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Crit Care. 2008;12(3):R71. doi: 10.1186/cc6909. Epub 2008 May 22.

Adverse events during rotary-wing transport of mechanically ventilated patients: a retrospective cohort study.

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  • 1Division of Pulmonary and Critical Care, University of Washington School of Medicine, Campus Box 356522, Seattle, WA 98195-6522, USA.



Patients triaged to tertiary care centers frequently undergo rotary-wing transport and may be exposed to additional risk for adverse events. The incidence of physiologic adverse events and their predisposing factors in mechanically ventilated patients undergoing aeromedical transport are unknown.


We performed a retrospective review of flight records of all interfacility, rotary-wing transports to a tertiary care, university hospital during 2001 to 2003. All patients receiving mechanical ventilation via endotracheal tube or tracheostomy were included; trauma, scene flights, and fixed transports were excluded. Data were abstracted from patient flight and hospital records. Adverse events were classified as either major (death, arrest, pneumothorax, or seizure) or minor (physiologic decompensation, new arrhythmia, or requirement for new sedation/paralysis). Bivariate associations between hospital and flight characteristics and the presence of adverse events were examined.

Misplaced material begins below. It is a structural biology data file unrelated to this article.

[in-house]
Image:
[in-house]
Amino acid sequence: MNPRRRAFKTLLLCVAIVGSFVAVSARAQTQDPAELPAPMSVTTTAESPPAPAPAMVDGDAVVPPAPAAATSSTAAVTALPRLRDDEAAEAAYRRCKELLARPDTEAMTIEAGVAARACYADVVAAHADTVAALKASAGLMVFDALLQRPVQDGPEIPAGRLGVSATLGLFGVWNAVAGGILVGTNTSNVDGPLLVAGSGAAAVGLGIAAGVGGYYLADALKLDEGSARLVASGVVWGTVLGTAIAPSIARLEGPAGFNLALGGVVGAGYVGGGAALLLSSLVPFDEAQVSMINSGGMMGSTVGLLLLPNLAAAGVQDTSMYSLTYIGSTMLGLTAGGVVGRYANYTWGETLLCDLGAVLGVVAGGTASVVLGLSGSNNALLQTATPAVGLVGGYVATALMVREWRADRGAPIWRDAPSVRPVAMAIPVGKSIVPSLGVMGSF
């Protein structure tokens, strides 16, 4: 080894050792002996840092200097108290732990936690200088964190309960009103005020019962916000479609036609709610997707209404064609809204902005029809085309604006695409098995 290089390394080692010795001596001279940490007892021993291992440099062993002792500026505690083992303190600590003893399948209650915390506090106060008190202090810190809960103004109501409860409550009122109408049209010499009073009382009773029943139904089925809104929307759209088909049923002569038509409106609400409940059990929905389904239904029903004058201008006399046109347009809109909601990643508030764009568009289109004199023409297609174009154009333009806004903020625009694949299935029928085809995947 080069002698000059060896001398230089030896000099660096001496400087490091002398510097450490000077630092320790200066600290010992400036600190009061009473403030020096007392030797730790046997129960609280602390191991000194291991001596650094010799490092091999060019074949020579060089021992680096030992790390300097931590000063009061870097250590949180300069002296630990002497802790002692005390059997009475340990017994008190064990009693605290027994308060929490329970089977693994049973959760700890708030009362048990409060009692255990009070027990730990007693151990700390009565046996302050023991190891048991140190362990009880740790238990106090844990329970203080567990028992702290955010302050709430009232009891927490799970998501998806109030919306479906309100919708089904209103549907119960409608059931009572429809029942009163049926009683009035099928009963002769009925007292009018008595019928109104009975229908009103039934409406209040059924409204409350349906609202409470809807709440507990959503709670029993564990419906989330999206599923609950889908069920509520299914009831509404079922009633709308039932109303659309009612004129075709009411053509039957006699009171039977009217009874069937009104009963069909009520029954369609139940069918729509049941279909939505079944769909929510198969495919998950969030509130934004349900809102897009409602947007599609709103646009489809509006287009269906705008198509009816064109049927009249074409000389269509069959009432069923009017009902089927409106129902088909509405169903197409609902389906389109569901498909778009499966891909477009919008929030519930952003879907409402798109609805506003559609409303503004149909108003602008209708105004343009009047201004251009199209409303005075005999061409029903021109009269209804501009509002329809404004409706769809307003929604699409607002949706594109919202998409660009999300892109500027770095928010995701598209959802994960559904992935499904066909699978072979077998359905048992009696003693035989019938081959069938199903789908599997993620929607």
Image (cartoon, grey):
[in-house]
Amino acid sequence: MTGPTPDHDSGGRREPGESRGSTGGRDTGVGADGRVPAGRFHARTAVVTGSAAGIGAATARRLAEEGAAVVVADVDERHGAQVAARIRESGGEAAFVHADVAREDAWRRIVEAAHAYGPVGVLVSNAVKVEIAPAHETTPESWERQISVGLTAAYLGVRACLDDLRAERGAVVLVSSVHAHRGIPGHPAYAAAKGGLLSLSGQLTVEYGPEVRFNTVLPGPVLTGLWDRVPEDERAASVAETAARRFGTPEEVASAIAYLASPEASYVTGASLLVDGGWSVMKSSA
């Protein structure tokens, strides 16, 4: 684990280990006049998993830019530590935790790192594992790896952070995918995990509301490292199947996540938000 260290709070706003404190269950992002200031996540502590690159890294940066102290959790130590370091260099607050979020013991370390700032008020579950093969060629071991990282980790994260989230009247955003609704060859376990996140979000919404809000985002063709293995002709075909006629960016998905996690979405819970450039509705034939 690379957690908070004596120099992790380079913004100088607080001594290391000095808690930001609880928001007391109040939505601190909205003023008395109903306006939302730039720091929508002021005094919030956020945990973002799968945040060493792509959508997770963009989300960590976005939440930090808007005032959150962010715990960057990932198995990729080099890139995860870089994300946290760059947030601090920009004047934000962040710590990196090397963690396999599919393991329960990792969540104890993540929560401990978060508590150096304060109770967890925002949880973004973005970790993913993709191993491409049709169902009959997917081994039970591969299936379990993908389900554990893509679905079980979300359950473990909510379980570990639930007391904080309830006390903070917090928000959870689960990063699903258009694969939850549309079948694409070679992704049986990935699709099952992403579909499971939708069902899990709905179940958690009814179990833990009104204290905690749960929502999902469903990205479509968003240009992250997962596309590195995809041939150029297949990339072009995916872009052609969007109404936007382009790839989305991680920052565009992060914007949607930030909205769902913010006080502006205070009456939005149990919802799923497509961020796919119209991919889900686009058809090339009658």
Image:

Six hundred eighty-two interfacility flights occurred during the period of review, with 191 patients receiving mechanical ventilation. Fifty-eight different hospitals transferred patients, with diagnoses that were primarily cardiopulmonary (45%) and neurologic (37%). Median flight distance and time were 42 (31 to 83) km and 13 (8 to 22) minutes, respectively. No major adverse events occurred during flight. Forty patients (22%) experienced a minor physiologic adverse event. Vasopressor requirement prior to flight and flight distance were associated with the presence of adverse events in-flight (P < 0.05). Patient demographics, time of day, season, transferring hospital characteristics, and ventilator settings before and during flight were not associated with adverse events.


Major adverse events are rare during interfacility, rotary-wing transfer of critically ill, mechanically ventilated patients. Patients transferred over a longer distance or transferred on vasopressors may be at greater risk for minor adverse events during flight.

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